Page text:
Second, the administrative portion of the Feast should not be laborious or burdensome. It can become so because too many reports by too many local Bahá'í committees are presented at one Feast. Such reports could perhaps be conveyed in bulletins. Also, there can be too many messages from agencies of the national administration. While it lies within the discretion of the National Spiritual Assembly to send a message or items of information to be shared at the Feast, care must be taken not to overburden these events with a multiplicity of items from the National Assembly and its auxiliary agencies. Some National Assemblies have developed the practice of sending a message to every Feast; this is, of course, not wrong in principle, but they may need to examine their methods of communicating with the believers and see whether occasional messages might not be sufficient. The idea is that the local Bahá'í communities should exercise control over the Feast and not be made to feel that they are being overrun by messages, instructions and assignments from the national administration of the Faith. This whole matter needs to be studied by the National Spiritual Assembly with a balanced perspective, so that while important national issues are not ignored, the potentialities of the Feast for development of the local community are fully realized.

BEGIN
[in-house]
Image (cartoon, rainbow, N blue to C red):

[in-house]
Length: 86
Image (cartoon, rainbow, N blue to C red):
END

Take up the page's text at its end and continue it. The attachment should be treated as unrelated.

(The Universal House of Justice, 1989 Aug 28, Issues Related to the Nineteen Day Feast)